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Plasma concentrations and intakes of amino acids in male meat-eaters, fish-eaters, vegetarians and vegans: a cross-sectional analysis in the EPIC-Oxford cohort.
Eur J Clin Nutr. 2016 Mar; 70(3):306-12.EJ

Abstract

BACKGROUND/OBJECTIVES

We aimed to investigate the differences in plasma concentrations and in intakes of amino acids between male meat-eaters, fish-eaters, vegetarians and vegans in the Oxford arm of the European Prospective Investigation into Cancer and Nutrition.

SUBJECTS/METHODS

This cross-sectional analysis included 392 men, aged 30-49 years. Plasma amino acid concentrations were measured with a targeted metabolomic approach using mass spectrometry, and dietary intake was assessed using a food frequency questionnaire. Differences between diet groups in mean plasma concentrations and intakes of amino acids were examined using analysis of variance, controlling for potential confounding factors and multiple testing.

RESULTS

In plasma, concentrations of 6 out of 21 amino acids varied significantly by diet group, with differences of -13% to +16% between meat-eaters and vegans. Concentrations of methionine, tryptophan and tyrosine were highest in fish-eaters and vegetarians, followed by meat-eaters, and lowest in vegans. A broadly similar pattern was seen for lysine, whereas alanine concentration was highest in fish-eaters and lowest in meat-eaters. For glycine, vegans had the highest concentration and meat-eaters the lowest. Intakes of all 18 dietary amino acids differed by diet group; for the majority of these, intake was highest in meat-eaters followed by fish-eaters, then vegetarians and lowest in vegans (up to 47% lower than in meat-eaters).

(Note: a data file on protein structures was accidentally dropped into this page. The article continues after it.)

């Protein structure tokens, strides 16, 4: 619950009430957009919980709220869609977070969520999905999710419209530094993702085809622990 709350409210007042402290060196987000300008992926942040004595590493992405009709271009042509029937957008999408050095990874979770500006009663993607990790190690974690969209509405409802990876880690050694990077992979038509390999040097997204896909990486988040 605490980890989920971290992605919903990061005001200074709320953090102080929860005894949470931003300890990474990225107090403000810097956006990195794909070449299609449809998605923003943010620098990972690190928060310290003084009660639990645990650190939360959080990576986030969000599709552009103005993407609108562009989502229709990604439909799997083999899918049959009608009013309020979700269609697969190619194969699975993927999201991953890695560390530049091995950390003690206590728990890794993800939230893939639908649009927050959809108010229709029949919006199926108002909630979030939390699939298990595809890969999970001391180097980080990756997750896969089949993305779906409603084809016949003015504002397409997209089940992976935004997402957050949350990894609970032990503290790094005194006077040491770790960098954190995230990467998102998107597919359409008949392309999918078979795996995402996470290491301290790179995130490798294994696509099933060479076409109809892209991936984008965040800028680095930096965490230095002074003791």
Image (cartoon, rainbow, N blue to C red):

CONCLUSIONS

Men belonging to different habitual diet groups have significantly different plasma concentrations of lysine, methionine, tryptophan, alanine, glycine and tyrosine. However, the differences in plasma concentrations were less marked than and did not necessarily mirror those seen for amino acid intakes.

Authors+Show Affiliations

Cancer Epidemiology Unit, Nuffield Department of Population Health, University of Oxford, Oxford, UK.International Agency for Research on Cancer, Lyon, France.International Agency for Research on Cancer, Lyon, France.International Agency for Research on Cancer, Lyon, France.International Agency for Research on Cancer, Lyon, France.Department of Epidemiology and Biostatistics, School of Public Health, Imperial College London, London, UK.Cancer Epidemiology Unit, Nuffield Department of Population Health, University of Oxford, Oxford, UK.Cancer Epidemiology Unit, Nuffield Department of Population Health, University of Oxford, Oxford, UK.Cancer Epidemiology Unit, Nuffield Department of Population Health, University of Oxford, Oxford, UK.

Pub Type(s)

Journal Article
Research Support, Non-U.S. Gov't

Language

eng

PubMed ID

26395436

Citation

Schmidt, J A., et al. "Plasma Concentrations and Intakes of Amino Acids in Male Meat-eaters, Fish-eaters, Vegetarians and Vegans: a Cross-sectional Analysis in the EPIC-Oxford Cohort." European Journal of Clinical Nutrition, vol. 70, no. 3, 2016, pp. 306-12.
Schmidt JA, Rinaldi S, Scalbert A, et al. Plasma concentrations and intakes of amino acids in male meat-eaters, fish-eaters, vegetarians and vegans: a cross-sectional analysis in the EPIC-Oxford cohort. Eur J Clin Nutr. 2016;70(3):306-12.